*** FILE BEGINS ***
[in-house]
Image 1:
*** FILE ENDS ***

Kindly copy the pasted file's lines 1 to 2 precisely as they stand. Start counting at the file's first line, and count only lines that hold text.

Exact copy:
[in-house]
Image 1: